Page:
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Business Idea To Explore: Taxi Cab Business in the Philippines(6-min read)

Interested to be a taxi cab operator? I must admit I am eyeing that too. Some would say the taxi business is already saturated, but for a commuter like me who can’t easily find an available taxi during rush hour or Friday gimmick nights, then there’s still opportunity

Taxi by Ben Fredericson (xjrlokix), on Flickr


As follows are some building blocks as we try to build and understand the taxi business model. Gathered from reading forums on taxi operations, internet research and most especially, interviewing manong drivers.

Find A Franchise
To operate a taxi cab, or any public vehicle for that matter, one must have a franchise issued by LFTRB. In simple terms, this makes the vehicle public (yellow plate), for public and commercial use, and allows it to traverse a certain route, such as say Montalban to Cubao or Marikina to Ayala. If you don’t have a franchise but use it for public transport, then your vehicle is considered colorum. For taxi cabs, the franchise is more or less flexible, such as Within Metro Manila to Any point of Luzon. The franchise is good for a certain number of years, like 5 years, and according to drivers, costs around Php120k to Php150k. The bad news is, LTFRB is no longer releasing new franchises. Maybe it does not want to saturate the market.
So is this a barrier to entry? Slightly. The way to get a franchise then is to locate those who are willing to sell theirs, for various reasons. Like those migrating, no longer interested to operate a taxi cab or to renew, those suffering losses, etc. And there are franchise resellers to be found. Also, some drivers suggest inquiring in bigger taxi companies, those who have dozens and dozens of units because at times, these companies allow small players and star-ups to buy partial ownership of their taxi units and their franchises. Once you have a franchise, this will be transferred to your name. So what will you name your taxi cabs?
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Find a Vehicle
Again there are many ways to do this, either brand new or second-hand. There are lots of taxi cabs for sale in the internet. Car companies also offer basic car models fit for use as taxi cab. Note though that not all car brands allow their models to be used as taxis. One quick example is Honda. Lots of banks offer taxi cab financing or auto loans, but usually for a minimum number of units and for a partial down payment. Similarly, car companies offer financing and leasing services. Your major considerations should include how old the vehicle is, how it looks like and how’s the performance. Older models (no offense meant) may tend to be less fuel efficient, more prone to breakdowns and accidents (hence repair costs) and attracts less passengers as it may come across as unsafe, unreliable, uncomfortable and mahina ang aircon. Watch out too for regulatory policies, I think there is an upcoming rule wherein public vehicles will have a mandatory maximum age, after which it has to be replaced already. In choosing a vehicle, you might want to bring an automotive technician with you for expert assessment.
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Find A Driver
A good, reliable, trustworthy driver that is. Or drivers. This can be the make or break of a taxi cab business, according to cab drivers themselves. If you have good working relationship with your driver, then you can expect him/her to be honest and transparent with you. Likewise, this should translate to good customer service which is crucial. Remember, customers would tend to remember the taxi name and plate number in case of bad experience (more than the driver), which affects your reputation as the registered taxi operator.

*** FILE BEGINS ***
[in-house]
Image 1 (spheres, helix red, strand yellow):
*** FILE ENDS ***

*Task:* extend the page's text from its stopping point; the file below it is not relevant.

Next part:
Usual daily boundary (or quota) ranges from Php1,000 to Php1,500 net per day, for drivers who use the taxi for 24 hours. If you have a second driver, then they can alternate. The second driver can use the taxi the next day while the first one takes a rest day. Or they can do 12-hour shifts per day. At Php1,500 quota, that’s roughly 15 trips at average of Php100 per trip (some smaller, some bigger especially given the traffic). The rest is his/her take home pay. For those who only have one driver, make sure s/he gets enough rest and does not drive the whole 24 hours. This is risky not just for the driver, but for the business.
The driver shoulders the fuel costs, violation penalties, and what is left is his take home pay. Of the many drivers we have interviewed, they all said that they can easily reach the Php1,500 boundary. Some can even park on the roadside and get some sleep (i.e. 1am to 5am) if they are on graveyard shift and still have enough take home pay before returning the unit by 6am. The operator meanwhile usually shoulders car amortization payments, repair, tune-up and check-up costs, payments in case of accidents (that’s why you need a good driver), regulatory and registration costs.
Operators also have reward systems to encourage good performance from drivers. Some offer a sack of rice or groceries for example when quota was hit daily for the whole month. Or allow lower quota during weekends. In case of deficits, some operators allow make-ups, as long as the deficit gets compensated and paid say within the week. Otherwise, driver cannot use the taxi as long as deficit is unsettled. The trick is to make your drivers, your employees, happy, so they deliver good customer service. Everybody happy.
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Rough Profit Analysis

Assuming you got a second hand taxi unit worth Php400k, on bank auto loan for 3 years at 8%. 

Down payment is say 30% or Php120k. Amortization on the loaned amount (Php280k) is Php8.8k. 


Cost of new franchise, regulatory tests and registration requirements, paperwork, say Php180k. Provisions for repairs, insurance, driver rewards, say Php5k a month. 

 

Total initial investment is Php580k (Php120k cash out, Php280k auto loan and Php180k franchise costs etc). Quite big initial investment especially if you compare to food carts franchise.